Kuper’s adaptation lends itself to a feminist reading. The next key quote from Conrad’s text, that “Women should be helped to stay out of it, in that beautiful world of their own,” is more ironic in Kuper’s adaptation given that he has gone out of his way to include representations of women where Conrad did not. Making visible those groups that have been erased by dominant-cultural narratives is part of the ongoing reclamation work feminists are challenged with.
Drawn as a simple caricature, Kuper’s illustration of Kurtz’s fiancé stays true to Conrad’s descriptions, but whereas Conrad gives barely a few lines to the description of Kurtz’s African concubine, Kuper makes her the most realistically rendered character in his book. The effect is to make the reader acknowledge as a human being a character Conrad only saw reductively. Her poses are echoed in Kuper’s illustrations of Kurtz’s fiancé, drawing parallels between the two women and drawing readers’ attention to the disparity between the treatment of the two, both in Conrad’s text and historically.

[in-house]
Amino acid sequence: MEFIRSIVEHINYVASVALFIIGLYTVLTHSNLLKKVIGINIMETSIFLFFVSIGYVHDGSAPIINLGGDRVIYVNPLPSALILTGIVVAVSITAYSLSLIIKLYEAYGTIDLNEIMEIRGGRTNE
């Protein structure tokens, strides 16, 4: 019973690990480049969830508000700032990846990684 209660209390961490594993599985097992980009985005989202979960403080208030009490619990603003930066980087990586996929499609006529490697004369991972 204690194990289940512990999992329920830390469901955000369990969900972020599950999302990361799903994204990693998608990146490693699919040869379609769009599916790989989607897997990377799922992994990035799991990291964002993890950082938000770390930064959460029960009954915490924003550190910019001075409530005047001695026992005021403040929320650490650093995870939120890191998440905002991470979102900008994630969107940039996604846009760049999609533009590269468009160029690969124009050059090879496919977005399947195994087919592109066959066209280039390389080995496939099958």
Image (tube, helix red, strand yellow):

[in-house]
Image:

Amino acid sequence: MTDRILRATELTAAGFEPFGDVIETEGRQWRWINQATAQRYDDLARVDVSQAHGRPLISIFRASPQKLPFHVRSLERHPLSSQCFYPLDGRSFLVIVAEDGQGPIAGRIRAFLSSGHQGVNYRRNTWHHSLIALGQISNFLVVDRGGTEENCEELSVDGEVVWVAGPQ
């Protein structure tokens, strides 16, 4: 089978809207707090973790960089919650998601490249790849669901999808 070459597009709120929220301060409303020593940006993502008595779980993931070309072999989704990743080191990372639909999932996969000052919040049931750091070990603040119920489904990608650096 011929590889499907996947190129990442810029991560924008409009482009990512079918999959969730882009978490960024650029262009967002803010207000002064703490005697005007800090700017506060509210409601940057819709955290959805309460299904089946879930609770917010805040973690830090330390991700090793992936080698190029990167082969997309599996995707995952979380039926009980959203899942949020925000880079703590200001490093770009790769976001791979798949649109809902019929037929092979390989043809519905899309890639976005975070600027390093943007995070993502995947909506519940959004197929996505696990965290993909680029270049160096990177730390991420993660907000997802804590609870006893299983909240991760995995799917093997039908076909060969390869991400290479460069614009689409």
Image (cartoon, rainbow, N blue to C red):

Kuper frequently echoes imagery to visually remind the reader of details and make connections. One more obvious example is when Marlow throws his shoes overboard after they are soaked in the blood of his dead helmsman, drawn as a half-page panel with a close-up of Marlow untying his shoes inset, we have an old-school Comics “SPLASH” where they hit the water. When we are shown the helmsman being thrown overboard a couple of pages later, he is given the same treatment, just the extremities of his limbs, small black parts, protruding from the water with the word splash comically written around them. Certainly, this conveys the ambivalence towards the Congolese shown by the colonisers Conrad wanted to draw his readers’ attention to. It also juxtaposes strongly with the more realistic illustrations of Kurtz’s concubine that in turn evokes the powerful documentary photographs of Seeley Harris. But drawing parallels in this way raises another question: who are Kuper’s intended readers?
Perhaps a clue is also in the illustrations. Several panels are framed by Congolese characters witnessing the events unfolding within. “Seers, not merely parts of the scene,” Jasanoff remarks in her foreword. Africans know all too well what happened during Conrad’s time, as all people who have suffered under colonial rule and their descendants know. Kuper can only offer what Barack Obama noted about Conrad’s novella, quoted by Jasanoff, “a particular way of looking at the world.” Kuper’s way of looking at the world has hippos and birds as seers, too, if readers are intended to interpret the images framed by animals the same as those of the people.